I'd imagine rural actually gets MORE unwarranted transports due to extended driving times alone, but rural living is something I want in life.

    I get that HEMS gets abused a lot, I'm just curious HOW bad it really is. A guy I know worked for Johns Hopkins and made it sound like they were flying walking/talking people regularly. They also did 0% scene transfers. He eventually lost it and quit on the spot. Just wondering if that's an exaggeration.

    I've done transport before and I know it's about the money, I just would hope to have a decent amount of interesting critical care cases here and there.

    Just want to hear what it's really like. It seems 50/50 love/hate on this message board.
  6. by   PeakRN
    How does rotating bases work? Do they just tell you that you have to drive far to work and you have to just suck it up and do it?

    I only work on a specialty team so I don't know the their exact bidding process, but they typically spend a few months at a base before they rotate. The nurses and medics can switch shifts with those at other bases if they wish. Specialty teams have a fixed base and with rare exception those nurses and RTs don't pick up or switch shifts at other bases. There are so many people who want to get in that they have to basically take what they get, the competing system does the same thing.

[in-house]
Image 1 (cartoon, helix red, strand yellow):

I'd imagine rural actually gets MORE unwarranted transports due to extended driving times alone, but rural living is something I want in life.

    It depends on what you consider unwarranted transport. Does flying a IA candidate who is otherwise stable for a bus warrant the transport? Time can be a very legitimate reason for flight. Most of the patients that get flown into us should have been okay to stay at most hospitals, but are beyond the capabilities of critical access hospitals.

    I get that HEMS gets abused a lot, I'm just curious HOW bad it really is. A guy I know worked for Johns Hopkins and made it sound like they were flying walking/talking people regularly. They also did 0% scene transfers. He eventually lost it and quit on the spot. Just wondering if that's an exaggeration.

    Back when I worked in Fire we would fly out strokes if they could fly faster than I could have driven them in the bus. Those patients would have been fine with paramedic level care.

    We do get quite a few fixed wing and flights in that I would never have flown, but the sending facility just wasn't comfortable with sending ALS or CCT bus.

    I've done transport before and I know it's about the money, I just would hope to have a decent amount of interesting critical care cases here and there.

    Just want to hear what it's really like. It seems 50/50 love/hate on this message board.


    I hate flying, and my specialty team is ground based. We only fly if we have to, and we have a helicopter flown out to us on scene. Sitting in a burning hot or freezing helicopter and hoping we don't hit a power line just doesn't do anything for me. I would put myself more in the 'hate' category, but I also choose to not have it be my career since I work primarily in the ED of the hospital we are based out of.